Bard Music Festival 2010
Berg and His World
August 13–15 and August 20–22, 2010
Alban Berg (1885–1935) has a unique place in the history of 20th-century music. He embraced a radical modernist approach to musical composition. But his music gained not only the admiration of musicians but also the allegiance and affection of audiences. His work speaks with immediacy to the heart. Its disciplined and complex modernity notwithstanding, Berg’s music, from the start, evoked an intense sense of truthfulness, communicating, as one of his contemporaries put it, “summer, the depth of the night, loneliness, pain and happiness.” In contrast, the music of Schoenberg still inspires distance and fear, as does much of 20th-century modernist music, no matter its quality and power—one reason that it has largely vanished from the concert and operatic stage.
But Berg remains. Wozzeck and Lulu are performed regularly all over the world. String quartets readily program Berg’s Op. 3 and the Lyric Suite. The Violin Concerto has become standard and competes with concertos by Mendelssohn and Sibelius. Yet Berg’s appeal and accessibility to the widest range of listeners does not emerge from any concessions or simplifications. A devoted disciple of Schoenberg, Berg was a composer with an uncanny sense of drama and expression who was obsessed with structural intricacy and the ingenious and even ironic use of the most minute detail. The genius of Alban Berg rested precisely in his capacity to integrate into modernism, with its rigorous insistence on formal aesthetic integrity, the lyric intensity associated with late Romanticism, the expressionist will to break with the past, and an abiding affection for the Classical tradition.
Berg lived only half a century. Yet no modernist composer of the early 20th century has had such a lasting impact on the hearts and minds of audiences after 1945. No composer has more eloquently demonstrated how the impulse to be original and contemporary in music can lead to art that illuminates the human condition beyond the reach of language.
The 21st volume of the award-winning Bard Festival series, published by Princeton University Press, will be Alban Berg and His World, edited by Christopher Hailey.
Weekend One: Berg and Vienna
Weekend Two: Berg the European
About the Festival
Photo credit: Imagno/Hulton Archive/Getty Images
Berg and Vienna
Friday, August 13 - Sunday, August 15
Photo credit: Erich Lessing/Art Resource, NY
©2010 Artists Rights Society (ARS), New York/VBK, Vienna
Berg the European
Friday, August 20 - Sunday, August 22
By the mid-1920s, Berg had become world-famous through the success of Wozzeck. Schoenberg envied his pupil’s achievement, but that did not prevent Berg from continued allegiance to his mentor, as shown in his work for a new organization, a society in Vienna created by Schoenberg and Berg, designed to create a proper context for new music based on principles that included ample rehearsal and the absence of critics. But Berg also became active in international organizations for new music in the 1920s. The post–World War I modernist experiment had its detractors. Franz Schmidt’s magnificent oratorio The Book of the Seven Seals reveals that the reaction against modernism itself inspired great music. By the early 1930s, Fascism came to dominate Europe, and Berg found himself again at the margin as politics once again helped shape the course of music history.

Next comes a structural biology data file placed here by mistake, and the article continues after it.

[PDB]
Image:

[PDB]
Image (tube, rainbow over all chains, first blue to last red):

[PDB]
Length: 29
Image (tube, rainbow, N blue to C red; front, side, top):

Photo credit: Imagno/Hulton Archive/Getty Images
History of the Festival
Leon Botstein, Christopher H. Gibbs, and Robert Martin, Artistic Directors
The Bard Music Festival was founded in 1990 to promote new ways of understanding and presenting the history of music to a contemporary audience. Each year, a single composer is chosen as the main subject. The biography of the composer, the influences and consequences of that composer's achievement, and all aspects of the musical culture surrounding the time and place of the composer's life are explored. Perhaps the most important dimensions of the festival are the ways in which it links music to the worlds of literature, painting, theater, philosophy, and politics and brings two kinds of audience together: those with a long history of interest in concert life and first-time listeners, who find the festival an ideal place to learn about and enjoy the riches of our musical past.The festival also seeks to bridge the worlds of performance and scholarship in new and exciting ways. As a result of this collaboration, each concert is curated and the concert format varies, so that different genres and instrumental groupings appear in a single program, breaking the mold of the standard vocal recital, piano recital, or quartet concert. Concerts are complemented by informative preconcert talks, panel discussions by renowned musicians and scholars, and special events. In addition, each season Princeton University Press publishes a book of essays, translations, and correspondence relating to the festival’s central figure.
The 2011 festival will be devoted to Jean Sibelius, and 2012 will explore the life and work of Camille Saint-Säens.